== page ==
Navratra - A Journey to Source & Wisdom

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Navratra - A Journey to Source & Wisdom

  • 14/10/2021
  • By: Rubina Tully
  • Topic: A Journey to Source & Wisdom

In the beginning of Ashwin (fall) and the beginning of Chatira, the festival of Navratri is celebrated with prayers and joy (spring). This is a moment for self-reflection and returning to the Source. Nature loses the old and is renewed at this season of transition; animals hibernate and life rises again in the spring. Matter, according to Vedic science, reverts to its primordial form in order to reproduce itself over and over. Everything is recycled by nature - a continual process of renewal - and the creation is circular, not linear. The human intellect, on the other hand, lags behind in the creative cycle. Navratri is a holiday that helps people reconnects with their inner selves. The Mother Divine is known not just for her intellectual brilliance (buddhi), but also for her bewilderment (bhranti); she is not only abundance (Lakshmi), but also hunger (shudha) and thirst (shudha) (trishna). Realizing the Mother Divine's aspect in all of creation leads to a profound state of Samadhi. This provides a solution to the Occident's age-old religious conflict. Advaita siddhi, or perfection in non-dual awareness, can be attained via wisdom, dedication, and nishkama karma. Kali is Nature's most heinous expression. Nature is a symbol of beauty, but it also has a terrible side. Recognizing the duality instils complete acceptance in the mind and puts it at peace. Despite the fact that Navratri is commemorated as the triumph of good over evil, the actual battle is not between good and evil. The victory of ultimate reality over seeming duality is seen as a Vedantic success. It is the wretched wave, in Ashtavakra's words, that tries but fails to preserve its individuality apart from the ocean. Our wonderful universe's feminine energy is represented by the three primal gunas. We harmonise the three gunas and promote sattva in the environment by adoring the Mother Divine during Navratri.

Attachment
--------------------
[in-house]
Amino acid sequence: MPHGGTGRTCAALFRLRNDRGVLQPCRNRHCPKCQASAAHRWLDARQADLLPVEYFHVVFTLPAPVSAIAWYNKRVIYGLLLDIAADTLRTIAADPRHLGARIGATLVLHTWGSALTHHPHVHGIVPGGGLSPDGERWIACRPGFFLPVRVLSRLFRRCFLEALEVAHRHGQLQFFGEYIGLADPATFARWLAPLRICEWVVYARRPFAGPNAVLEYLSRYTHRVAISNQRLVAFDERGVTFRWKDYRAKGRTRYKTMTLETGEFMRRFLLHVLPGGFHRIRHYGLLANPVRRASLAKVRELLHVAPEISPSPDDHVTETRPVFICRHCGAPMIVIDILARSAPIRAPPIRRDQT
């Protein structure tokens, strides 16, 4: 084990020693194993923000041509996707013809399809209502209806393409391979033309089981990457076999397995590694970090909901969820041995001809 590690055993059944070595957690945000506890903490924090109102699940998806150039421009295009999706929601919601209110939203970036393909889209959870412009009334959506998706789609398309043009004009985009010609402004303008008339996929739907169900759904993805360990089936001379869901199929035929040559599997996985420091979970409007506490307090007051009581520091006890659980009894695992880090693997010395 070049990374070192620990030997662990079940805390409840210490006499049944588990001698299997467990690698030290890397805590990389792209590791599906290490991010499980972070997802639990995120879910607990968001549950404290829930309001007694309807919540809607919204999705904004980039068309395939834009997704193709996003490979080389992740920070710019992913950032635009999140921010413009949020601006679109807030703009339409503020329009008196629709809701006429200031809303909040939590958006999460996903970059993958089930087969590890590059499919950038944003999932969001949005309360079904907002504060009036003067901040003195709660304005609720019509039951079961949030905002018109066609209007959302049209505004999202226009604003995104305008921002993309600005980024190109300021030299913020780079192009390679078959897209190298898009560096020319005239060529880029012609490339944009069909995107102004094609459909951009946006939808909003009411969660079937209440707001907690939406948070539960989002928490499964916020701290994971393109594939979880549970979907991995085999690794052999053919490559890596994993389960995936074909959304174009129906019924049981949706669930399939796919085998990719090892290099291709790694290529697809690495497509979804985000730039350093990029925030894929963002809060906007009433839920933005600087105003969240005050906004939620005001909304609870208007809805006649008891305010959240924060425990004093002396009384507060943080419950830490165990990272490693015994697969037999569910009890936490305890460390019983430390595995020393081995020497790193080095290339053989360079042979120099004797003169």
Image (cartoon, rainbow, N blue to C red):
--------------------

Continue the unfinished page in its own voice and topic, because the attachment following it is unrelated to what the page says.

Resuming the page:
Our bad karmas are nullified through the inside journey. Navratri is a festival honouring the spirit or prana, which is the only force capable of destroying mahishasura (inertia), shumbha-nishumbha (pride and humiliation), and madhu-kaitabh (madness) (extreme forms of craving and aversion). They are diametrically opposed but complimentary. Only through increasing the amount of prana and shakti, the life-force energy, can inertia, deeply entrenched negativities and obsessions (raktabeejasura), illogical logics (chanda-munda), and clouded eyesight (dhoomralochan) be overcome.The nine days of Navratri are also a chance to celebrate the universe's three fundamental characteristics. We seldom notice or dwell on the three gunas, despite the fact that they control our lives. Tamo guna is associated with the first three days of Navratri, rajo guna with the following three days, and sattva guna with the last three days. The tenth day is celebrated as Vijaydashmi to commemorate the core of this knowledge. Despite the fact that the microcosm is perfectly integrated with the macrocosm, its apparent separation is the source of conflict. The entire creation comes alive for a gyani (wise), and he perceives life in everything in the same way that children do. The Mother Divine, or Pure Consciousness, exists in all forms and takes on all names. The festival of Navratri is about recognising the one Divinity in all of its forms and names. As a result, over the last three days, elaborate pujas celebrating all elements of life and nature are performed.


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